The natural minor scale can be thought of in two ways, the first is as the relative minor of the major scale, beginning on the sixth degree of the scale and proceeding step by step through the same tetrachords to the first octave of the sixth degree. In solfege "La-Ti-Do-Re-Mi-Fa-So-La." Alternately, the natural minor can be seen as a composite of two different tetrachords of the pattern 2-1-2-2-1-2-2. In solfege "Do-Re-Mé-Fa-So-Lé-Té-Do." A minor scale in musical theory is a diatonic scale whose third scale degree is an interval of a minor third above the tonic. ...


Western harmony from the Renaissance up until the late 19th century is based on the diatonic scale and the unique hierarchical relationships, or diatonic functionality, created by this system of organizing seven notes. Most longer pieces of common practice music change key, but this leads to a hierarchical relationship of diatonic scales in one key with those in another. Harmony is the use and study of pitch simultaneity and chords, actual or implied, in music. ... Renaissance music is European classical music written during the Renaissance, approximately 1400 to 1600. ... The era of Romantic music is defined as the period of European classical music that runs roughly from the early 1800s to the first decade of the 20th century, as well as music written according to the norms and styles of that period. ... For the various types of hierarchy, see hierarchy (disambiguation) A hierarchy (in Greek: Ιεραρχία, it is derived from ιερός-hieros, sacred, and άρχω-arkho, rule) is a system of ranking and organizing things or people, where each element of the system (except for the top element) is subordinate to a single other element. ... See also: function and functional. ... In music, modulation is most commonly the act or process of changing from one key (tonic, or tonal center) to another. ...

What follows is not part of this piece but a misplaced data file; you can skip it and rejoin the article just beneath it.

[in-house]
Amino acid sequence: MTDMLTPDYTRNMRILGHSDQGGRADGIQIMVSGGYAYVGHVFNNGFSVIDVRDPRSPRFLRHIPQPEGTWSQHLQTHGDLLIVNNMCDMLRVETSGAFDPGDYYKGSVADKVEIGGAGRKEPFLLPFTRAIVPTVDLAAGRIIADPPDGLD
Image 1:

These unique relationships are as follows: Only certain divisions of the octave, 12 and 20 included, allow uniqueness, coherence, and transpositional simplicity, and that only the diatonic and pentatonic subsets of the 12-tone chromatic set follow these constraints (Balzano, 1980, 1982). The diatonic collection contains each interval class a unique number of times (Browne 1981 cited in Stein 2005, p.49, 49n12). Diatonic set theory describes the following properties: maximal evenness, Myhill's property, well formedness, the deep scale property, cardinality equals variety, and structure implies multiplicity. Diatonic set theory is a subdivision or application of musical set theory which applies the techniques and insights of set theory to properties of the diatonic collection such as maximal evenness, Myhills property, well formedness, the deep scale property, cardinality equals variety, and structure implies multiplicity. ... In diatonic set theory maximal evenness is the quality of a collection or scale which for every generic interval there are is either one or two consecutive (adjacent) specific intervals, in other words a scale which is spread out as much as possible. ... In diatonic set theory Myhills property is the quality of scales or collections with exactly two specific intervals for every generic interval, and thus also have the properties of maximal evenness, cardinality equals variety, structure implies multiplicity, and be a well formed generated collection. ... In diatonic set theory a generated collection is a collection or scale formed by repeatedly adding a constant interval in integer notation, the generator, also known as an interval cycle, around the chromatic circle until a complete collection or scale is formed. ... In diatonic set theory the deep scale property is the quality of pitch class collections or scales containing each interval class a unique number of times. ... In diatonic set theory cardinality equals variety is quality of a collection or scale for which the number of notes in a series indicates the number of unique interval patterns formed by diatonic transpositions. ... In diatonic set theory structure implies multiplicity is quality of a collection or scale for which the interval series formed by the shortest distance around a diatonic circle of fifths between member of a series indicates the number of unique interval patterns (adjacently, rather than around the circle of fifths...